I’m Ann, a film wedding and portrait photographer specialising in destination weddings and lifestyle portraits.
I’m German, lived in England for 8 years, travelled around for 3 years and finally settled down in San Francisco this year. Fun fact is that I’m also a yoga and meditation teacher, which keeps me sane when lugging my cameras around the world.
I’ve been photographing weddings full time since 2012 after a long career as a film editor working in music videos (RIP), advertising and TV – one day I simply had to get out of the editing suite in a windowless basement!
I shoot entirely on film which comes with a lot of extra faff already, so I try to keep my gear to an absolute minimum.
I can’t remember the last time I shot a wedding that was within driving distance of where I live, so everything has to fit into my carry on luggage.
My main workhorse is a medium format camera. I went from a lovely old Hasselblad 500 C/M to a Contax then back to a Hasselblad H2.
The big advantage of shooting Hasselblad is that it’s reliable, the autofocus (though slow) works, and there are still service centres available worldwide if needed.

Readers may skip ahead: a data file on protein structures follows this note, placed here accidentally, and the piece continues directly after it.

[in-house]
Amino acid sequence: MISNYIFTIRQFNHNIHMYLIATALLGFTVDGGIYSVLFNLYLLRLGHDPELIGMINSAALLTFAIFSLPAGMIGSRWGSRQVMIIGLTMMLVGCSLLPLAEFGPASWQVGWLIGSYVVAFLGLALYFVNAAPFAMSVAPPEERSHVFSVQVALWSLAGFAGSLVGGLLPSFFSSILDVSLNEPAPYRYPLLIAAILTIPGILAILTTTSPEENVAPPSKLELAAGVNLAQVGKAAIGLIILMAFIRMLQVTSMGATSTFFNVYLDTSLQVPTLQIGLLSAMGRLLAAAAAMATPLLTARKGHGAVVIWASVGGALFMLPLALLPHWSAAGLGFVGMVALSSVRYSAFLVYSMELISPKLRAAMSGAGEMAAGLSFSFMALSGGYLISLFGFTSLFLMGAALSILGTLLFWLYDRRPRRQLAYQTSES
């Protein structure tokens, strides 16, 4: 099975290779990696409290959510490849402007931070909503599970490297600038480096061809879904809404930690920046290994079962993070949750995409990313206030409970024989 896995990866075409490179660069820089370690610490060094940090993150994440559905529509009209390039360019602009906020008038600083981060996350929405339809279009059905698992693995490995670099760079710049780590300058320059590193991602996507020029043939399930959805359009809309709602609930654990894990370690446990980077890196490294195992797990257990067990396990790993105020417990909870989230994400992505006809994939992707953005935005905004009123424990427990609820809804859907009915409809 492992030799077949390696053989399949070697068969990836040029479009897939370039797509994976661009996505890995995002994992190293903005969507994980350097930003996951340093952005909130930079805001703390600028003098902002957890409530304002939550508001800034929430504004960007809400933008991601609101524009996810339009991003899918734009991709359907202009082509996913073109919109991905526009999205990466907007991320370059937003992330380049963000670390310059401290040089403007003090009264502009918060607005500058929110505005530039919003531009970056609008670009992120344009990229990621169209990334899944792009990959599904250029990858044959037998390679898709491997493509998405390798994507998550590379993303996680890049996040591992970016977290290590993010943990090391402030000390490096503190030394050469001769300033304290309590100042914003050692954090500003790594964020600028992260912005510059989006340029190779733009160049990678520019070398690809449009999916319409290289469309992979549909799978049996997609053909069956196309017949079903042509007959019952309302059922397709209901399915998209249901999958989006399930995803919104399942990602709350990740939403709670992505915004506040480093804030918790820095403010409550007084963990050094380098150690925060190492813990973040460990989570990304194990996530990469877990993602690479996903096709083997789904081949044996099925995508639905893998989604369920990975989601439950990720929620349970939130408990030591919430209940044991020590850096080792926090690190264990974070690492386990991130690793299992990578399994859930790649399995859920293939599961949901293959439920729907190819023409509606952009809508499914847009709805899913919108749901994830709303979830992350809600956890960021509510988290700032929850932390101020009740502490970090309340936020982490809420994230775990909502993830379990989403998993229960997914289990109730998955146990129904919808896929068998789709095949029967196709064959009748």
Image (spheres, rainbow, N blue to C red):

I use an 80mm f/2.8 lens on it which is equivalent to a 50mm length on a regular camera. The grip on the Hasselblad H2 is a rechargeable battery that I have three of which makes life a lot easier than disposable batteries.
I also have two extra film inserts that I pre-load so I can change the film more quickly when shooting under time constraints.
The medium format film is simply delicious to look at, especially for portraits. It’s more of a deliberate way to work rather than fast and quick. I use this camera almost 100% for portraits and for anything that holds still and needs to look especially good on a wedding day.
For the candids and more fast-paced moments I use a 35mm Nikon camera.
The film 35mm format is slightly wider than your regular full frame digital chip, so I often find the 35mm to be too wide for me. I use it mainly for location shots, great landscapes and to take in a full room in its entirety. I pretty much use it for only an establishing shot when I’m shooting portraits and then swap to a closer lens.
The 50mm is the same length as the 80mm on my medium format camera, so for weddings I rarely use this length for long on my Nikon.
I still have a total crush on my 105mm lens. This is a macro lens which comes in handy for any details but also gives amazing compression for anything further away. It’s a dream to use for candid shots during cocktail hour and speeches, great for sneaky close-ups during portraits and perfect if you’re banned from moving around much during a ceremony.
Shooting film means you’ll have a lot of film on you. Like, a LOT. Once you’ve shot a roll it’s still there! So you’re not even using it up during the day.